WINCHESTER — A century ago, the New Year ushered in historic elections, the continuation of a recession which developed the year before, an epidemic scare, a variety of successes and misfortunes, and ended with the most destructive ice storm Massachusetts had ever known.
During the first part of the year, the recession of 1920-1921 lingered. Beggs & Cobb, a leading local industry, announced in January that wages were being cut 10 to 26 percent. The Whitney Machine Co., which had been running for several weeks with reduced numbers, closed temporarily. In February, the Building Trades Employers’ Association (encompassing eight communities) met in Winchester and voted to cut carpenters’ wages from $1/hour to 90 cents.
Fortunately, the national economy improved later in the year. But there were other troubling matters.
A year after the great Spanish Influenza epidemic tapered off, suddenly 14 cases of diphtheria were reported in April. Epidemic proportions were reached with 18 cases. It was fortunately short-lived but was something of a mystery. The cases were scattered.
Since they lay along one particular milk route, the dairy was investigated, but no one there was ill and none of the cattle exhibited signs of diphtheria. The Health Officer immediately ordered the milk pasteurized. The outbreak subsided, with another serious rash of cases not occurring for 10 years, at which time the best defense discussed was not pasteurization but immunization of the school children.
Another danger continued to threaten the safety of Winchester residents—the railroad. On Aug. 1, a 35-car train was headed south to Boston. As it passed through Winchester center at 8:23 p.m., “With a splintering crash that could be heard for miles and which attracted hundreds to the scene, four freight cars, one a big oil tank, left the tracks…bowled over a 30-foot maple tree and then piled up in a heap,” The Boston Globe reported.
Although The Winchester Star reported the wreck did not make much of a noise, it did make a massive mess and attracted crowds which thronged the common until after midnight.
Several people at the scene narrowly escaped injury. All within the path of the wreck saw it coming and ran. The gate tender and a trolley employee were forced to jump to safety. The occupants of three autos standing at the gates dashed from their cars to places of safety. At least one car was showered with splinters from the wreckage.
The gates were destroyed. The gatekeeper’s shanty was buried. Part of the tracks were twisted and turned out of shape. The various newspaper reports varied in some details, including the cause of the accident. All agreed that the oil tank jumped the tracks.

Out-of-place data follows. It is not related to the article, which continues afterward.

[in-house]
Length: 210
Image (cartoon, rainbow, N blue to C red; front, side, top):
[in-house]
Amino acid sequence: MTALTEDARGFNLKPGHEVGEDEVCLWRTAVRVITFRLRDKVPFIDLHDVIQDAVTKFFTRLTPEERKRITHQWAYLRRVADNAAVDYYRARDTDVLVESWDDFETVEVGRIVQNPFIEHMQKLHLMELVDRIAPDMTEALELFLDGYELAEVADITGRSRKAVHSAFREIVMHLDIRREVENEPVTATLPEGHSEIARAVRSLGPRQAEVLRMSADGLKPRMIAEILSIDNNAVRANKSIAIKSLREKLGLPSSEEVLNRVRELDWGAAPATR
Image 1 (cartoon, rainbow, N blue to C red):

“As the tank car reached the footpath,” The Winchester Star reported, “it plowed into the walk, making a furrow waist deep and cutting off one of the fine maple trees at its base. A following car of pine flooring was split open and turned at right angles to the track, it wrecking the outward track, and behind this the two other cars piled up. Both tracks were blocked and electric car service stopped for the night.”
Many saw one of the heavy car wheels fly through the air over the top of a maple tree.
“The whole centre was littered with broken iron, splinters, car parts, dirt and cobble stones.”
All the newspapers wrote that it was amazing no one was injured.
In November it was reported that twice more a railroad car jumped the tracks in the center, though not with such disastrous results.
One suggestion to improve pedestrian safety at the railroad tracks, an underpass at the center station, went to voters as a ballot question. Although the $30,000 question won a majority vote, it was not a sufficient majority for a bond motion.
A renewed attempt to authorize the Board of Selectmen to issue movie theater licenses in the town failed. A third ballot question, whether the town should erect a War Memorial on Manchester Field in the form of a building housing an auditorium, athletic field house, and concrete stand capable of seating 8,000, was soundly defeated.
As for the races for elected offices, the elections in 1921 were historic, the first since the 19th Amendment was ratified. The first woman candidate for the Board of Selectmen was put forward, Lorence Woodside. She had impressive credentials—a college degree, two years special work in Chicago University, plus varied experience in teaching and business—and was endorsed by presidents of The Fortnightly, League of Women Voters, Mother’s Association, Winchester Teacher’s Club, Visiting Nurse Association, and various individuals both male and female. She came in sixth in a field of eight vying for the five-member board.